The fix: In addition to identifying your ideal client, Kali Roberge, founder of Creative Advisor Marketing, said planners should identify their purpose, outline their goals (which should be measurable to track success), and explain what they can do for this ideal client.
Also, make your marketing messages unique to your target market, rather than generic.
Sonya Dreizler, CFP®, founder of Solutions with Sonya, a consulting firm for RIAs and broker-dealers, said do not fall into the trap of putting out content similar to your peers; rather, put out the content that is specific and interesting to your clients.
“You don’t have to be just like other financial services professionals,” Dreizler said. “It’s OK to show your personality. Clients connect with people; they don’t connect with an industry, they connect with individual people.”
If you’re not sure how to create content that is relevant to your clients, Meggert of Perfectly Planned Content simply suggests: ask them.
“Ask clients at meetings, ‘What can I solve for you?’ or ‘Before you started working with me, what was your biggest concern?’” Meggert said.
Lack of Consistency, Editing, and Promotion
You have a blog, and that’s fantastic. But not updating it regularly, letting typos and grammatical errors creep in, and not promoting the blog are some of the biggest marketing mistakes Susan Kornegay and Adam Kornegay with Pathfinder Strategic Solutions say financial planners make.
Inconsistency in updating your blog could communicate to clients and prospects that you are unreliable, according to Adam and Susan.
“I can’t think of how many times I’ve looked at an adviser’s website and they have a blog and there are four posts—all from a couple of years ago, then it stops,” Adam Kornegay said. “If you don’t update [your blog], then take it down.”
Typos—whether in your blog or on your LinkedIn or other social media accounts—also send a negative message about you.
“Think of what this looks like from the client mindset,” Adam Kornegay said. “What I’m seeing is somebody who doesn’t know how to pay attention to the details.”
The fix: Set a regular schedule for your blog and stick to it. Prioritize it, and have a colleague keep you accountable.
When it comes to promotion of content, many planners are dropping the ball, according to Meggert, because they share one piece of content once and consider it a wrap. Instead, reduce, reuse, and recycle your content, she said.
Dreizler agrees. “A lot of people are uncomfortable saying something more than once,” she said, “but you have to promote [your content] more than once.” To this end, promote the content you publish multiple times across your social platforms, including LinkedIn, Twitter, and Facebook.
As for typos, use spell check, hire an editor, or make sure there are a few sets of eyeballs on each piece of content before you publish it.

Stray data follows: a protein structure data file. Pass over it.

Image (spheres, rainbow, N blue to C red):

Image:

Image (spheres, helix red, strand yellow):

Using Technical Jargon
After years of writing for B2B marketing purposes, Jan Schalkwijk, CFA, lead investment manager and founder of JPS Global Investments, said he’d gotten used to throwing around technical financial jargon.
But that didn’t fly so well with clients and prospects.
“There was some sort of perceived safety in sounding professional in an institutional setting, but it wasn’t the right fit for my clients who wanted a more personal tone from me,” Schalkwijk admitted.
The fix: Try to see the content through the lens of somebody who does not have your expertise and then craft your content accordingly.
“I just remind myself that it’s retail investors who are my clients,” Schalkwijk said. “Even if I like CFA language, I have to tone that down for my audience. They don’t care about all the financial terms that are comfortable for me but uncomfortable for my clients.”
Another fix is to share your content with someone outside the planning profession who will give you an honest opinion; your sister, a friend, a neighbor. Is it reader-friendly, or is it pretentious?
“Create content you know your clients want to read, skipping the financial jargon,” said Courtney McQuade, a consultant for Social Solutions for Financial Services. “Write in a way that’s easy to understand for everyone.”
Being Mechanical on Social Media
Being on social media is a must, and as a result, many busy planners have found ways to automate social media efforts using tools like Hootsuite and Buffer. But be sure to manage that automation to ensure your content doesn’t continually repeat itself or come off as mechanical.
“One of the biggest marketing mistakes I see is too much automation, especially when it comes to social media,” said Kate Dore, director of public relations for FPA of Middle Tennessee and founder of Cashville
The fix: Automation is essential for your social media cadence, but you need more. In addition to automation, sign on to Twitter and share articles from financial publications that might be relevant to your clients, suggests Dreizler of Solutions with Sonya.
Another good fix is to interact with your followers.
“Be sure to engage with your connections,” said McQuade of Social Solutions for Financial Services. “Don’t just post—like, comment, and share.”
Don’t Let Failure Stop You
Don’t let previous marketing mistakes or failures keep you from effectively marketing, because if you’re a small firm owner, you have an advantage over the big firms.
“You can be more personable in your interactions with people than a big company can,” Schalkwijk of JPS Global Investments said. “That’s really powerful because that’s what people are looking for.”
Ana Trujillo Limón is associate editor of the Journal and editor of the FPA Practice Management Blog. Email her HERE. Follow her on Twitter at @AnaT_Edits.